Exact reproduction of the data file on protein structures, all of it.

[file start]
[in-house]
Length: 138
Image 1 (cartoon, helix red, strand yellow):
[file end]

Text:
[in-house]
Length: 138
Image 1 (cartoon, helix red, strand yellow):